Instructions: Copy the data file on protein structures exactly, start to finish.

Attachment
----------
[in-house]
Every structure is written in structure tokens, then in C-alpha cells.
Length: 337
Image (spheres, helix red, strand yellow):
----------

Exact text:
[in-house]
Every structure is written in structure tokens, then in C-alpha cells.
Length: 337
Image (spheres, helix red, strand yellow):